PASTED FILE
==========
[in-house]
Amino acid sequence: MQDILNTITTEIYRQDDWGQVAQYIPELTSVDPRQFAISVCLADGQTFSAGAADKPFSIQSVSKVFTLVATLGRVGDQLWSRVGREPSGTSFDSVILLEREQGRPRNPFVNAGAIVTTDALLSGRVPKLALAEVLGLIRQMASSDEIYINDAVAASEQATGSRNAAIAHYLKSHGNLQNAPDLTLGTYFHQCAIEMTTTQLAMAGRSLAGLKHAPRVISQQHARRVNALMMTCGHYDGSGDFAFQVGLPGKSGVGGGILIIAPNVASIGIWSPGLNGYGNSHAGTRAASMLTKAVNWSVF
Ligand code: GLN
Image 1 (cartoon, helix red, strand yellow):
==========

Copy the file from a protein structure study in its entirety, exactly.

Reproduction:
[in-house]
Amino acid sequence: MQDILNTITTEIYRQDDWGQVAQYIPELTSVDPRQFAISVCLADGQTFSAGAADKPFSIQSVSKVFTLVATLGRVGDQLWSRVGREPSGTSFDSVILLEREQGRPRNPFVNAGAIVTTDALLSGRVPKLALAEVLGLIRQMASSDEIYINDAVAASEQATGSRNAAIAHYLKSHGNLQNAPDLTLGTYFHQCAIEMTTTQLAMAGRSLAGLKHAPRVISQQHARRVNALMMTCGHYDGSGDFAFQVGLPGKSGVGGGILIIAPNVASIGIWSPGLNGYGNSHAGTRAASMLTKAVNWSVF
Ligand code: GLN
Image 1 (cartoon, helix red, strand yellow):